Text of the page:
TRANSFORMERS TOYS AND MERCHANDISE SECTION
Cliffjumper's review: Road Pig
generally this will be on their box or profile
"And you're supposed to be a ninja? What a joke!"
When Road Pig was born, the doctor held him up and said "This is the ugliest baby I've ever seen!". He was expelled from kindergarten for milk money extortion and dishonorably discharged from the Cub Scouts. After being kicked out of a low-life, outlaw gang for smelling worse than was acceptable even by their standards, he joined the Drednoks as a probationary member. They're having a hard time making their minds up about this one...
Released in the final year of Hasbro's Transformers Generation 2 line, the Lasercycles were a progression of the previous years' Laser Rods. The figures had electronically lit weapons that formed parts of their vehicle mode. Only two Lasercycles were issued, the Autobot Road Rocket and the Decepticon Road Pig. Two more were planned, but not released before the Generation 2 line was canceled - Jazz, a repaint of Road Rocket, and Sound Wave [sic], a repaint of Road Pig (largely in blue).
Road Pig was issued in Europe (in trilingual packaging without the pop-up tech spec cards) and in Japan (with awesome comic goodness included). In 2002 both moulds were revived as a two-pack for Robots in Disguise, as Sideways and Axer respectively. This two-pack was also available in Japan as part of Takara's USA Editions line. I was fortunate enough to find a carded European Road Pig for £6 in a local model shop about four years ago. He didn't stay carded for long, however...
The plastic is still great quality, and Road Pig looks fantastic as a Harley Davidson. He has no faction insignia (probably because there isn't a place it'd look good in both modes - not that this stopped 'em before), though his gas tank has "Transformers" in gold writing on either side. Not as goofy as it should be, and a sweet touch really.
He's even got a little kickstand to keep him on his wheels when you whiz him along. If you press the gas tank cap, it lights up the exhaust pipe thanks to a red LED, though this is best seen in dim light.
The motorbike is a decent size, and with the handlebars and seat he can hold a G. I. Joe figure (well, the Baroness one I have, anyway). You can even sit a Cyberjet on him. The scale implications of this may cause your brain to hurt, though.
The transformation's fun, although the clicking mechanism in his lower legs is a little annoying, and kind of feels like it's being forced (this is a fair trade for the knees locking at several angles, though, meaning he can strike a number of poses). He stands about 4" tall in robot mode, and is very well articulated. He can move at both hips, the knees, shoulders, elbows and turn his head. The real boon is that the joints and balance are superb, meaning all this can be used to make an awesome display piece. This is a fair step on the way to Beast Wars levels of dynamics, and the design and mechanics have aged rather well - he matches up nicely to just about any similar-sized (I'd say Basics to smaller Deluxes) Transformer made since.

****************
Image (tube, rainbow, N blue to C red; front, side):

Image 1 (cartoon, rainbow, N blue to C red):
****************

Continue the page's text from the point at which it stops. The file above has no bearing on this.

The closest thing to a downside is the handlebars, which stop the arms from moving in a full vertical arc, but that's nitpicking. Even the lo-fi black-with-red details colour scheme hits all the right buttons, and he's sturdy to boot. In this mode his LED, which now forms his light saber thing, can be activated by pressing the wheel on his back. Unlike with Road Rocket, it works well in both modes.
6 - not really for difficulty, more for the invention and fun involved.
8 - electronics fine after a decade on the card, and then three years regular use. Ball joints and good construction look after the rest.
10 - light-up features, excellent articulation, great display, fun to play with, vehicle for other figures... This one's got it all.
10 - he won't cost a bomb, and you will not find a better figure for the ~$10 this one will set you back.
10 - Motorbikes are incredibly hard to make into transforming robots, and this one is probably the best I've ever seen - considering the competition includes the Super Gobot Throttle, that's very high praise indeed. And this isn't a backhanded compliment, or a relative assessment. This is just hands-down one of the very best Transformers figures ever made, and should - nay, must - be part of everyone's collection.